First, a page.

A second poster is the same thing, only with the faces of the leading cast at the bottom looking at the camera with various bewildered or amused expressions on their faces.

The Trailers

The first – and only – trailer is preceded by Renner as himself filming a video while in the middle of playing a game of tag with his costars. Once the footage actually starts we get the backstory, that this group of friends has been playing the same game every May for 30 years, with it being the thing that’s kept them connected over all that time. Of course that’s really weird for outsiders, but whatever. Everyone is gunning for Jerry, who’s never been tagged in all that time.

It’s funny enough, certainly appearing better than some of the recent films by the people here. Seeing Renner in a comedy is nice as he’s not usually allowed to be funny, but I’m going to throw flags on the criminal underuse of both Hamm and Isla Fisher. And we’re going to stipulate that the story is only a slightly more socially-acceptable version of hyper-competitive toxic masculinity, no matter how cute it’s dressed up.

Online and Social

The movie’s official website opens with the trailer, also accessible via the “Trailer” button on the splash page and along the top content menu. Also there are sections with a “Synopsis” and a “Gallery” but that’s about it. Strangely, they’re not listed or linked to on the main site but there are Twitter, Facebook and Instagram profiles.

Advertising and Cross-Promotions

The movie was one of the first to be advertised via Snapchat’s recently-unveiled unskippable six-second video ad units.

Media and Publicity

AS the filmmakers were more than willing to point out repeatedly, this is based on a true story whose history was revisited in features like this on several occasions. That theme was reinforced with a short promo video featuring the real life members of the gang that has kept the game going and showed them watching footage from the movie where their lives are being depicted.

Hamm hit the publicity circuit to talk about the movie, including commenting on Renner’s broken arms and how production accommodated that. The story of Renner’s injury provided a significant hook for the publicity cycle as stories circulated about how CGI had to be used to bring them back to life and the actor himself shared the details in his appearances. Even Fisher had to comment on it while she was doing press. Thankfully Buress was able to avoid the topic when he showed up on “Kimmel.”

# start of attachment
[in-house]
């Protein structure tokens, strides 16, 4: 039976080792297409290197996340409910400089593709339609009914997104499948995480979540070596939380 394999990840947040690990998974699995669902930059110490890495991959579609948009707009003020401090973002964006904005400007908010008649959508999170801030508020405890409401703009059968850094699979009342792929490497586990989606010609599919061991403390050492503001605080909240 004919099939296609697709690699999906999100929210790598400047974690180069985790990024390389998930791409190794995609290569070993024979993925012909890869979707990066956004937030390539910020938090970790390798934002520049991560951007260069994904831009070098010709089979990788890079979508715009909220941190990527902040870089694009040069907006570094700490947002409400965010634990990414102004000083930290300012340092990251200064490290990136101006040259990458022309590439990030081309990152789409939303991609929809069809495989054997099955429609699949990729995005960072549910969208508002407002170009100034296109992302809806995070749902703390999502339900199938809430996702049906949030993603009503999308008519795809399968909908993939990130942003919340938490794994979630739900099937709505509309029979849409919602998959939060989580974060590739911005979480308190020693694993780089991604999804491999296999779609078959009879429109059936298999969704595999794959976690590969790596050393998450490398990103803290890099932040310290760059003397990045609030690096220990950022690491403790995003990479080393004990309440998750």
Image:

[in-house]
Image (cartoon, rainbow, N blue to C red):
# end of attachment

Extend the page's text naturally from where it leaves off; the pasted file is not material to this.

For little apparent reason other than there’s a wedding in the movie, the cast crashed a real-life wedding, causing all sorts of chaos and hilarity. The advice Hamm gave Johnson and the rest of the cast to make that work came up at the movie’s premiere.


I’m wondering who the studio thought the audience for this movie would be. All the actors here are very funny in their own right, but a story of a bunch of overgrown manboys who can’t let their childhood game go while letting that game bleed over into every other part of their lives seems….out of touch with the current cultural conversation.

It’s not that the movie doesn’t seem funny; it honestly looks like it has more than a few laughs. But when the only two talking points for the press cycle are “It’s based on a real story” and “Here’s how Jeremy Renner broke his arms,” the underlying weakness of the premise is exposed.

Finally, how do you make a movie with Rashida Jones, Leslie Bibb and Isla Fisher and not have them as the focal point of the entire film, much less the marketing? I want to see the movie that has them as the leads.


Jeez, even Annabelle Wallis has been forced to talk about Jeremy Renner’s broken arms during her portion of the publicity cycle. Hamm and Helms have also done a bit more publicity.


A clip from the movie was played in an episode of Machinima’s “Inside Gaming” to try and reach that crowd.


Nice profile of co-star Jake Johnson here at GQ. And there’s more from Hannibal Buress as well as an interview with the comedian.
Star Jeremy Renner’s broken arms are part of this interview with director Jeff Tomsic where he talks about all the challenges he had making the movie.

Father Figures – Marketing Recap

father figures poster 2Owen Wilson and Ed Helms star in the new movie Father Figures as two brothers who one day get a rude surprise: Their mother Helen (Glenn Close) doesn’t actually know who their real father is and has been lying about it for years. That sets the two off on a trip to track down some of their mother’s former paramours to figure out who their true biological father is.

That journey, of course, goes off-track pretty quickly. Not only do they learn more about their mother and her history than they ever really needed to, but they get involved in various other hijinks that complicate matters. Some of the potential fathers are great, some are less so. Blah blah blah, lessons are learned and so on.